Group of Seven finance ministers can't agree on plans for global growth

February 28, 1993|By Los Angeles Times

LONDON -- The United States tried to collect the firs international payoff of President Clinton's recovery plan yesterday but emerged from a meeting of finance officials of the leading industrial powers without firm commitments that they would attack their own most pressing economic problems.

The group agreed on the common need to stimulate world economic growth. But Germany did not commit to specific steps to bring down its troublesome interest rates, and Japan gave no assurances that it would speedily stimulate its own economy and reduce its huge trade surplus with the United States, officials said after the meeting.

Britain, suffering through a recession that has lasted 40 months, lauded the Washington plan for tax increases, deficit reduction and job stimulus. But Norman Lamont, the chancellor of the exchequer, would not endorse it as a model to be followed here.

After years of being berated by other governments for its ballooning budget deficits, the United States has suddenly found itself in the unaccustomed situation of dealing with its allies from a position of political and economic strength.

Secretary of the Treasury Lloyd Bentsen and a senior aide who accompanied him to London said before and after the meeting that despite the administration's new leverage, their goals for the London session did not include obtaining specific pledges.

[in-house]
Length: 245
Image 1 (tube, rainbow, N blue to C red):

"They were quite enthusiastic about what we have done," Mr. Bentsen said afterward. "There's no question that it fortifies our position."

Declaring the get-acquainted meeting "productive," and one that began "to lay the basis for a stronger world economy," Mr. Bentsen said at a news conference that the other finance ministers "recognized that while the United States is prepared to lead, we alone cannot guarantee prosperity for the world."

"The policies we each pursue must reflect our own national interests," he said, after spending the morning and luncheon hour with his counterparts from Britain, Canada, France, Germany, Italy and Japan.

But, in an echo of Mr. Clinton's speech Friday that closely linked the U.S. recovery to similar progress around the globe, the new ** secretary of the treasury added: "Increasingly, where economic growth is concerned, national interests and international imperatives coincide."

It is a theme to which political leaders in each of the leading industrial democracies have subscribed for years. But they have found that trying to live by it can produce political dilemmas.

For the Clinton administration, the outcome of meetings such as yesterday's have a bearing on the domestic agenda. In a world increasingly dependent on global trade, the success of Mr. Clinton's economic agenda will depend to some extent on international cooperation.

Lower interest rates in Germany can produce long-term growth that expands markets for U.S. products; so, too, would Japan's emergence from its economic downturn.

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